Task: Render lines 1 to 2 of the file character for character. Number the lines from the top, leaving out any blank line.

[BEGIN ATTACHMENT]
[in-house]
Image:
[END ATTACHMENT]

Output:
[in-house]
Image: